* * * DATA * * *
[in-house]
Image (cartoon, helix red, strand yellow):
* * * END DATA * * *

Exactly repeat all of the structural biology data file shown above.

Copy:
[in-house]
Image (cartoon, helix red, strand yellow):